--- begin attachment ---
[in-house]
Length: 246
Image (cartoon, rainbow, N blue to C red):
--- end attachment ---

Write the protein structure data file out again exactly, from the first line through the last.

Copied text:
[in-house]
Length: 246
Image (cartoon, rainbow, N blue to C red):